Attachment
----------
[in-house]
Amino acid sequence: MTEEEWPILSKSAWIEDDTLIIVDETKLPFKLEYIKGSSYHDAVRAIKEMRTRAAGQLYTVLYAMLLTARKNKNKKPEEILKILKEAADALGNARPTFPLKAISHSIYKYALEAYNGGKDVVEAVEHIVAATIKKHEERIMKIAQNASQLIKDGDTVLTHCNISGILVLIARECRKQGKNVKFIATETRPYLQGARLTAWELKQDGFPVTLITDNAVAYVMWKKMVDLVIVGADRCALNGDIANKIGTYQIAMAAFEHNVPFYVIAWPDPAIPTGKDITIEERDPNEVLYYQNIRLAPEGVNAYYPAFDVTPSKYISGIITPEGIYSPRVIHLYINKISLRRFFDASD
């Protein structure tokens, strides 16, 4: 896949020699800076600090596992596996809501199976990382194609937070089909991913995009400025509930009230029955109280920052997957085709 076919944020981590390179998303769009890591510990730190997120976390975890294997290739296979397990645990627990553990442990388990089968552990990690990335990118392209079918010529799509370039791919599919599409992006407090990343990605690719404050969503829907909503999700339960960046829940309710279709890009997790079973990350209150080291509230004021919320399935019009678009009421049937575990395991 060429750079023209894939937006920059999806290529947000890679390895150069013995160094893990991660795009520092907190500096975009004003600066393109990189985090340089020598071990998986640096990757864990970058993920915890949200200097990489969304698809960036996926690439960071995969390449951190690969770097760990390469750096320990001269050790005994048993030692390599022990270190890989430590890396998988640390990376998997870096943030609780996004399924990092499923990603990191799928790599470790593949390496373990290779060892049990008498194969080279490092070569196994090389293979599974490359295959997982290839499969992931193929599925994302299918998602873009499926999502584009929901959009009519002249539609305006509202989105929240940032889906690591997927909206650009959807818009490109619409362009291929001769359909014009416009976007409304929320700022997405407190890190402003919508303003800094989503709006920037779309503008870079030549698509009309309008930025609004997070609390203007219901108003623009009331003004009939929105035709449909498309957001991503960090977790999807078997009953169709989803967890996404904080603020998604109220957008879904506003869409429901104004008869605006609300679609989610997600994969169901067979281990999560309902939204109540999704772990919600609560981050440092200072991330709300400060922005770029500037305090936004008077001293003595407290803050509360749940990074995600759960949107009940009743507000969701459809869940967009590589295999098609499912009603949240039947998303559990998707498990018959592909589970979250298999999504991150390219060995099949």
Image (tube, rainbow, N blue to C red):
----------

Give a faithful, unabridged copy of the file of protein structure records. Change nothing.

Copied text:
[in-house]
Amino acid sequence: MTEEEWPILSKSAWIEDDTLIIVDETKLPFKLEYIKGSSYHDAVRAIKEMRTRAAGQLYTVLYAMLLTARKNKNKKPEEILKILKEAADALGNARPTFPLKAISHSIYKYALEAYNGGKDVVEAVEHIVAATIKKHEERIMKIAQNASQLIKDGDTVLTHCNISGILVLIARECRKQGKNVKFIATETRPYLQGARLTAWELKQDGFPVTLITDNAVAYVMWKKMVDLVIVGADRCALNGDIANKIGTYQIAMAAFEHNVPFYVIAWPDPAIPTGKDITIEERDPNEVLYYQNIRLAPEGVNAYYPAFDVTPSKYISGIITPEGIYSPRVIHLYINKISLRRFFDASD
């Protein structure tokens, strides 16, 4: 896949020699800076600090596992596996809501199976990382194609937070089909991913995009400025509930009230029955109280920052997957085709 076919944020981590390179998303769009890591510990730190997120976390975890294997290739296979397990645990627990553990442990388990089968552990990690990335990118392209079918010529799509370039791919599919599409992006407090990343990605690719404050969503829907909503999700339960960046829940309710279709890009997790079973990350209150080291509230004021919320399935019009678009009421049937575990395991 060429750079023209894939937006920059999806290529947000890679390895150069013995160094893990991660795009520092907190500096975009004003600066393109990189985090340089020598071990998986640096990757864990970058993920915890949200200097990489969304698809960036996926690439960071995969390449951190690969770097760990390469750096320990001269050790005994048993030692390599022990270190890989430590890396998988640390990376998997870096943030609780996004399924990092499923990603990191799928790599470790593949390496373990290779060892049990008498194969080279490092070569196994090389293979599974490359295959997982290839499969992931193929599925994302299918998602873009499926999502584009929901959009009519002249539609305006509202989105929240940032889906690591997927909206650009959807818009490109619409362009291929001769359909014009416009976007409304929320700022997405407190890190402003919508303003800094989503709006920037779309503008870079030549698509009309309008930025609004997070609390203007219901108003623009009331003004009939929105035709449909498309957001991503960090977790999807078997009953169709989803967890996404904080603020998604109220957008879904506003869409429901104004008869605006609300679609989610997600994969169901067979281990999560309902939204109540999704772990919600609560981050440092200072991330709300400060922005770029500037305090936004008077001293003595407290803050509360749940990074995600759960949107009940009743507000969701459809869940967009590589295999098609499912009603949240039947998303559990998707498990018959592909589970979250298999999504991150390219060995099949």
Image (tube, rainbow, N blue to C red):